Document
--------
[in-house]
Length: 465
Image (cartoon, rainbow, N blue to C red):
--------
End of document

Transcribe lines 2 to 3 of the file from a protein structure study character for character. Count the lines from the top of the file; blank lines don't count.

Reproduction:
Length: 465
Image (cartoon, rainbow, N blue to C red):